Get the Facts about Social Security Disability
But when you’re struggling with serious health problems, you can’t work, and you’re facing a financial crisis, your head swims with questions, concerns and information you’ve heard people say about how the disability system works.
So what is fact? And what is fiction?
Let’s cut through the confusion.
At Angelina Valle & Associates, we’ve been helping people win disability benefits in San Jose, Salinas and around our region for over 35 years.
Monthly disability income and the Medicare or Medicaid health coverage that comes with it can help you hold on to a degree of normalcy.
Keep reading for the most common misconceptions about Social Security Disability that we see, and our explanation of how it really works.
At Angelina Valle & Associates, Social Security Disability is all we do.
8 Common Social Security Disability Myths
These are some of the most common misconceptions about Social Security Disability benefits that we hear:
Misconception No. 1: Social Security Disability benefits are a free handout.
Many people don’t understand that you pay into Social Security Disability Insurance (SSDI) with every paycheck.
It’s not a handout. It’s a type of insurance coverage that you paid for. It protects you financially when health problems mean you can no longer work. And you have to meet strict requirements to get it.
If you can’t work because of serious health problems, this is a form of support you have earned.
Misconception No. 2: Many people cheat the system and get disability checks when they don’t deserve it.
While a few people out there might try to get around the rules, cases where they succeed are rare.
If you think you know someone—friend, neighbor, relative—who receives disability benefits but seems like they could work and don’t deserve the help, stop and think about whether you know all the facts.
Many serious medical conditions aren’t obvious just by looking at someone. They may be struggling with more than you realize.
It’s much more common for people to deserve benefits but get denied.
Misconception No. 3: It’s simple to get Social Security Disability benefits.
It would be great if you could just tell Social Security about your health problems, and how they stop you from working, and Social Security would believe you and start sending financial assistance.
But that’s not how it works.
You have to prove to Social Security—using medical records, work history and more—that you deserve benefits. You have forms to fill out, steps to complete, rules to follow and deadlines to meet.
This is why it can be a major help to you to work with a Social Security Disability lawyer.
Misconception No. 4: It’s impossible to get Social Security Disability benefits.
This isn’t right, either.
While it’s true that most people get denied when they first apply for benefits, Social Security also gives you several chances to appeal.
With time and effort, you can still win benefits.
It helps to have someone who understands the system, the process and how it works, like a disability attorney.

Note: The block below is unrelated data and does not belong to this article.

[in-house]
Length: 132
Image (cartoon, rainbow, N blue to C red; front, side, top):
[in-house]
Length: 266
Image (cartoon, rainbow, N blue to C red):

Misconception No. 5: If I get Social Security Disability benefits, I can’t work at all.
It’s understandable to think that, because Social Security Disability is designed to help people who can’t work because their health is too bad.
But there is an exception: If you work less than a certain amount set by Social Security, you can still qualify for benefits.
You have to work less than what Social Security calls “substantial gainful activity.”
A disability lawyer can look at your situation and let you know how your level of work affects your chances at getting or keeping benefits.
Misconception No. 6: I can’t get Social Security Disability benefits and workers’ compensation at the same time.
Actually, you can.
If your long-term health impairment started with an injury or illness you received at work, you may qualify for both workers’ compensation and Social Security Disability benefits.
Social Security may reduce the amount you receive from them while you’re getting workers’ comp. But when your workers’ comp benefits end, you can keep getting Social Security Disability for as long as you still can’t work.
And Social Security will increase your monthly checks to your full disability benefit at that point.
If you qualify for both kinds of benefits, it makes sense to claim both of them.
Misconception No. 7: There’s no way around waiting a long time to get SSD benefits.
It’s true that it can take a long time to get disability benefits: months for your initial application and maybe a year or more when you have to appeal a denial.
But in certain circumstances, Social Security can speed up your claim.
Those circumstances include when you have an acute, life-threatening disease. Social Security calls that a “compassionate allowance.”
Another way you can get a faster decision is if your case qualifies as a dire need. That’s when your economic situation is urgent, such as you may become homeless if you don’t receive benefits soon.
Misconception No. 8: If I return to work but have to stop again, I have to start over.
If you’re back at work, but your health problems worsen within five years of when you first qualified for disability benefits, you don’t have to reapply for benefits.
You can also test out going back to work under a special Social Security program. You can keep your benefits in the meantime, while you see how well you’re able to work.
Social Security wants you to go back to work if you can, so they don’t want you to be afraid to try out of worry that you can’t get your disability benefits again.
Get Your Own Social Security Disability Questions Answered
If you’re wondering about something you heard about Social Security Disability benefits, at Angelina Valle & Associates, we are happy to help.
Many of your disability questions will be specific to your case.
You can get our disability legal team to provide an evaluation of your claim for free.